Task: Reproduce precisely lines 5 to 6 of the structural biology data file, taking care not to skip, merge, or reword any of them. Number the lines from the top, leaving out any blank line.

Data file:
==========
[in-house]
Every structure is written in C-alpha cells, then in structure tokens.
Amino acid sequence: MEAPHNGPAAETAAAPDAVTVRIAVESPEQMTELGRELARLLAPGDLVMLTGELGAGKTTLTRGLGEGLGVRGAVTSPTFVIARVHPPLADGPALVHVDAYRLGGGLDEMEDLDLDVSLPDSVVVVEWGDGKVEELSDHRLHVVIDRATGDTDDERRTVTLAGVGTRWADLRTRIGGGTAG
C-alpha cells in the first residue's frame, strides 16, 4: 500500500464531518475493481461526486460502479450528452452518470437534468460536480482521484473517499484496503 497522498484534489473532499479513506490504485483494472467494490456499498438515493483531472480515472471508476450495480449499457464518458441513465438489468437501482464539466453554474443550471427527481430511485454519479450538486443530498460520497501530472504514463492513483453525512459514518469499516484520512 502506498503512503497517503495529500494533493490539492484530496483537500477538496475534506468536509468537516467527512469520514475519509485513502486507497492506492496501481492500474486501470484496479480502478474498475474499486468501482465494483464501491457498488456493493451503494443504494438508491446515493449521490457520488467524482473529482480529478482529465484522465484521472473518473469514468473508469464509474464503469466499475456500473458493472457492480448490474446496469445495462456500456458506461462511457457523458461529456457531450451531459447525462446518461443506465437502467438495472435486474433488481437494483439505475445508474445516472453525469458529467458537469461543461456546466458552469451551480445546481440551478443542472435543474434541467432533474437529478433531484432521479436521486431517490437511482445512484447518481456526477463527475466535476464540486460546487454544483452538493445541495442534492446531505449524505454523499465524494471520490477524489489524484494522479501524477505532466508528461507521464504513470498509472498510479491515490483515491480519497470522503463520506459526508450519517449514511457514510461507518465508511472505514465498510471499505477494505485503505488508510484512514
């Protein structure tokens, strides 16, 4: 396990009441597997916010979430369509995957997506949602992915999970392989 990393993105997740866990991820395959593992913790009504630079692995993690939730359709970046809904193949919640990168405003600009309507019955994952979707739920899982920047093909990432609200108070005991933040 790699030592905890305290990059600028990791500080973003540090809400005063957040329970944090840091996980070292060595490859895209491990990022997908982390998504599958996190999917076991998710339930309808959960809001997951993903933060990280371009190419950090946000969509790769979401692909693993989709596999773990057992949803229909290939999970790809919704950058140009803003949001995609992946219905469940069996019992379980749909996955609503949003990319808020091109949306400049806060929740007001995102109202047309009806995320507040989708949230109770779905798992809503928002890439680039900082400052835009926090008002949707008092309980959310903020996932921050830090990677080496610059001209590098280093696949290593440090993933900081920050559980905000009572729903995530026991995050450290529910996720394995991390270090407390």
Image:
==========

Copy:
């Protein structure tokens, strides 16, 4: 396990009441597997916010979430369509995957997506949602992915999970392989 990393993105997740866990991820395959593992913790009504630079692995993690939730359709970046809904193949919640990168405003600009309507019955994952979707739920899982920047093909990432609200108070005991933040 790699030592905890305290990059600028990791500080973003540090809400005063957040329970944090840091996980070292060595490859895209491990990022997908982390998504599958996190999917076991998710339930309808959960809001997951993903933060990280371009190419950090946000969509790769979401692909693993989709596999773990057992949803229909290939999970790809919704950058140009803003949001995609992946219905469940069996019992379980749909996955609503949003990319808020091109949306400049806060929740007001995102109202047309009806995320507040989708949230109770779905798992809503928002890439680039900082400052835009926090008002949707008092309980959310903020996932921050830090990677080496610059001209590098280093696949290593440090993933900081920050559980905000009572729903995530026991995050450290529910996720394995991390270090407390």
Image: